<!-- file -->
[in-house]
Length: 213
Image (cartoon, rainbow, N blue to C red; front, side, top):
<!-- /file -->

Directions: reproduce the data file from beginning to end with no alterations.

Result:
[in-house]
Length: 213
Image (cartoon, rainbow, N blue to C red; front, side, top):